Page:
COME ON. I am not made of stone.
Ultimately, though, Sherri’s memoir/self-help book gives a lot of insight into how she broke into the business, how she keeps her head on straight, and why making mistakes is okay.
For me, this was a surprisingly fun read. I just saw it on the shelf at the library and picked it up. I didn’t even think I would like it. But I did. And I can recommend it to anyone who wants to read something fun.
The genre discussion of the day is nonfiction! My initial response is always that I’m not a fan, but that is untrue. According to my category label, I read a lot of nonfiction. And I am always interested in nonfiction, especially if it falls under one of these two categories:
Memoirs are awesome, especially if they read like fiction, which is why I preferred Zora Neale Hurston’s autobiography to Angela Davis’s. For example. I also dig graphic novel autobiographies/biographies like Maus and Persepolis.
As for self-help, I love that stuff. I think mostly because I’m on a quest to be a better person. Also, because I love when books tell me something about my life. Plus also, I think a lot of self-help books say the same things in different ways, and it’s always interesting to see which one clicks.
Peace from Broken Pieces by Iyanla Vanzant actually combines memoir and self-help (LOVE HER). A book that has been particularly helpful for me lately has been Cheryl Richardson’s The Art of Extreme Self-Care. I am so terrible at self-care and need to do better and just thinking about her book helps.
I also like books about religion and spirituality, and a lot of times they fall under the self-help category.
As a conscious being, the only thing you need to find happiness is to perceive clearly who you are. […] The very fact that the Scarecrow craves wisdom means that he already has smarts. What he really yearns for is higher consciousness, enlightenment, nirvana.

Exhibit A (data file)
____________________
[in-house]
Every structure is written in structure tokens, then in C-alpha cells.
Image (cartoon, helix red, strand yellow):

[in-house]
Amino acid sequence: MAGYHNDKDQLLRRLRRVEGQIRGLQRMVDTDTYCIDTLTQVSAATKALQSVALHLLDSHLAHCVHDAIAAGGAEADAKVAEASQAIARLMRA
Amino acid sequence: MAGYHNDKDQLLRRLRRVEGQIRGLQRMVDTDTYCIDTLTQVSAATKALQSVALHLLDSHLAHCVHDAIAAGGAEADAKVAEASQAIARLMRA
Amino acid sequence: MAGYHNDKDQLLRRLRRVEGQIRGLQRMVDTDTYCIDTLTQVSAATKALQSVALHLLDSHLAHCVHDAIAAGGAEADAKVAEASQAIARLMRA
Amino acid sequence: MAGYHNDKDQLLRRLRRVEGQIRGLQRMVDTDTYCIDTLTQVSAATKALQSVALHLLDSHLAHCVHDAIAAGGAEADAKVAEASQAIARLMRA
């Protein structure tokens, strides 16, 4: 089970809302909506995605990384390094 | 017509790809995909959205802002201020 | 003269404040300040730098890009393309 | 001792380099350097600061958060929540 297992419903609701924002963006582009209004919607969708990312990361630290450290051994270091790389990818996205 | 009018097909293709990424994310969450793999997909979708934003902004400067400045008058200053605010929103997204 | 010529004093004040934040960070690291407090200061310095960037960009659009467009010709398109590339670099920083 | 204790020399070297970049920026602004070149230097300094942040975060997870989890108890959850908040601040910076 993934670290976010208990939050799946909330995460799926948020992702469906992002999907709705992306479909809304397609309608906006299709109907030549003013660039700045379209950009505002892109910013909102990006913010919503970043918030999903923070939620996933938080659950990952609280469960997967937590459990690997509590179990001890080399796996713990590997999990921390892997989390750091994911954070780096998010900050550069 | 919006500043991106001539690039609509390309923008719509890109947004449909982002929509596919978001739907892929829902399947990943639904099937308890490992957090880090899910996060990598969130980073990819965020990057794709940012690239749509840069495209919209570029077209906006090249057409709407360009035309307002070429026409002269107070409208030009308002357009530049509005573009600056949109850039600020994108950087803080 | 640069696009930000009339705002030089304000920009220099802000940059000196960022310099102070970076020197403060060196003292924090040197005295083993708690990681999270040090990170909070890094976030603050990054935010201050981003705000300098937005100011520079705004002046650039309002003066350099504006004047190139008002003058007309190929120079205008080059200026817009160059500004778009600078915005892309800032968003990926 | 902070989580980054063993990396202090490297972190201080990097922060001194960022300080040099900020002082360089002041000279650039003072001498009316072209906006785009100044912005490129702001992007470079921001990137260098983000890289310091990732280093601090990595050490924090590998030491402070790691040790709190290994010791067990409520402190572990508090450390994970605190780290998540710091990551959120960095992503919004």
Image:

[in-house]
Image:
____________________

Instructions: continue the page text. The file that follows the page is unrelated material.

The Zen of Oz: Ten Spiritual Lessons from Over the Rainbow by Joey Green applies a Zen reading to the movie version of The Wizard of Oz to explain why the movie has touched so many people so deeply. His argument is that the characters and situations perfectly align with Zen teachings, so he sets out to show how.
Green makes some excellent observations, and I don’t want to take away from what he does with this book, but as an academic, my reaction could basically be summed up as: What an effing racket. This dude took The Wizard of Oz and did a book-length close reading through a Zen lens and published it. THAT IS WHAT HE DID. And all I can think is: why didn’t I think of doing something like that? I mean, if I had, I would have my PhD by now.
So it was hard for me to separate my academic jealousy from the act of reading of the book.
That said, I did flag a lot of quotes on a lot of pages. Green is pretty thorough, connecting the major characters and plot points to philosophy. Very easy to follow, even for someone unfamiliar with Buddhism/Zen philosophy.
In conclusion: This book operates as an accessible look at Zen philosophy by using a familiar and popular movie as its basis. And I wish I had thought of doing something like it for my dissertation project. Dang it.
Source: I borrowed a friend’s copy